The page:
The judges heard that the composition of PSC leads to a conflict of interest as it would amount to MPs allocating themselves salaries.
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World Bank pushes G-20 to extend debt relief to 2021
World Bank Group President David Malpass has urged the Group of 20 rich countries to extend the time frame of the Debt Service Suspension Initiative(DSSI) through the end of 2021, calling it one of the key factors in strengthening global recovery.
“I urge you to extend the time frame of the DSSI through the end of 2021 and commit to giving the initiative as broad a scope as possible,” said Malpass.
He made these remarks at last week’s virtual G20 Finance Ministers and Central Bank Governors Meeting.
The World Bank Chief said the COVID-19 pandemic has triggered the deepest global recession in decades and what may turn out to be one of the most unequal in terms of impact.
People in developing countries are particularly hard hit by capital outflows, declines in remittances, the collapse of informal labor markets, and social safety nets that are much less robust than in the advanced economies.
For the poorest countries, poverty is rising rapidly, median incomes are falling and growth is deeply negative.
Debt burdens, already unsustainable for many countries, are rising to crisis levels.
“The situation in developing countries is increasingly desperate. Time is short. We need to take action quickly on debt suspension, debt reduction, debt resolution mechanisms and debt transparency,” said Malpass.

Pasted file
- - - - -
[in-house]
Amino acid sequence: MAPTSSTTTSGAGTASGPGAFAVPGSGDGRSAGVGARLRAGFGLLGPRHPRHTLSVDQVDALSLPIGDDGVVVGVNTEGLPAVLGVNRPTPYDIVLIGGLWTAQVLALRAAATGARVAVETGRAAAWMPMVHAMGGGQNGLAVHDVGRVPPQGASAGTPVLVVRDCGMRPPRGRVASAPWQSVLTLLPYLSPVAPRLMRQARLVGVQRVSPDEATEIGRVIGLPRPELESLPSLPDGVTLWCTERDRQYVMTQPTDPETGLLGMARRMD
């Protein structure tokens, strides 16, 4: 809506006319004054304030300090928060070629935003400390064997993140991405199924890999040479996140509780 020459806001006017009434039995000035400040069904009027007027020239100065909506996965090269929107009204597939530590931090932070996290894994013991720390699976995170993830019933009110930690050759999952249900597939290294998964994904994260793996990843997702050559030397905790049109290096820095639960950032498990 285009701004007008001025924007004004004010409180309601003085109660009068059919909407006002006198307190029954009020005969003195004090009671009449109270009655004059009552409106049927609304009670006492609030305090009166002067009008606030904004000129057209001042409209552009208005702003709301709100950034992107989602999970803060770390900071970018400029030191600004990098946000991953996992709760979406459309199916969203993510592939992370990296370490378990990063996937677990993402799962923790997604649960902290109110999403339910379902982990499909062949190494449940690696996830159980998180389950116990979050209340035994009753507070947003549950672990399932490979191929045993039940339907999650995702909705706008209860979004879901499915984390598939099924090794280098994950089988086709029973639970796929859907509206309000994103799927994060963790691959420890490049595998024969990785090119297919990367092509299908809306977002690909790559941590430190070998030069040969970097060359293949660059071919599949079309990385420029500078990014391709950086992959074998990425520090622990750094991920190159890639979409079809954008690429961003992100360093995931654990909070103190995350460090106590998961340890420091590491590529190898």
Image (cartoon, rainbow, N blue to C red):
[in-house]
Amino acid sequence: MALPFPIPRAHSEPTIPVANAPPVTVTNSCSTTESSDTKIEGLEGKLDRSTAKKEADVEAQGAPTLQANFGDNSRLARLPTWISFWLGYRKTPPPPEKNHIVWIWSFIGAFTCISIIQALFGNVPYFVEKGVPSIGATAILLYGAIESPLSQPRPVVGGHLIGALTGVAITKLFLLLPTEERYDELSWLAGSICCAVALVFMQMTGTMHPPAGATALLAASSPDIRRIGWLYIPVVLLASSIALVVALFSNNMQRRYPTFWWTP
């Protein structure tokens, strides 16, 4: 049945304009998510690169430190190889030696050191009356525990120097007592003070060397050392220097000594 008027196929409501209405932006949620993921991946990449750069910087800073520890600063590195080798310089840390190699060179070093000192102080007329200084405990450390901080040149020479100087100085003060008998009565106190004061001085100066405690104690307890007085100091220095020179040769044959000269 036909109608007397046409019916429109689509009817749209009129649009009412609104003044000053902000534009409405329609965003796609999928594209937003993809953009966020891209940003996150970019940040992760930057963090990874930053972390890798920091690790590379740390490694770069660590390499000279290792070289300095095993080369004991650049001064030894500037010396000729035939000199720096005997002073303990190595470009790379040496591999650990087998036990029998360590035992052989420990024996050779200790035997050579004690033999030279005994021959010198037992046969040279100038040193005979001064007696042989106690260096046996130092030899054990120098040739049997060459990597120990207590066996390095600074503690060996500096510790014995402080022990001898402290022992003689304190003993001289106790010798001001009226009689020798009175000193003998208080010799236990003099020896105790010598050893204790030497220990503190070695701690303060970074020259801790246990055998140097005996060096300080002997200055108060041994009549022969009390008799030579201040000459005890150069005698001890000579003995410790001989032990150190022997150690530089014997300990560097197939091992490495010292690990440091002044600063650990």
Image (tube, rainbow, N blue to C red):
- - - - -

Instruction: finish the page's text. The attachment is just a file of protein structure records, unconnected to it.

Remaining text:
Kenya’s Central Bank Drafts New Laws to Regulate Non-Bank Digital Loans
The Central Bank of Kenya (CBK) will regulate interest rates charged on mobile loans by digital lending platforms if amendments on the Central bank of Kenya Act pass to law. The amendments will require digital lenders to seek approval from CBK before launching new products or changing interest rates on loans among other charges, just like commercial banks.
“The principal objective of this bill is to amend the Central bank of Kenya Act to regulate the conduct of providers of digital financial products and services,” reads a notice on the bill. “CBK will have an obligation of ensuring that there is fair and non-discriminatory marketplace access to credit.”
According to Business Daily, the legislation will also enable the Central Bank to monitor non-performing loans, capping the limit at not twice the amount of the defaulted loan while protecting consumers from predatory lending by digital loan platforms.
Tighter Reins on Platforms for Mobile Loans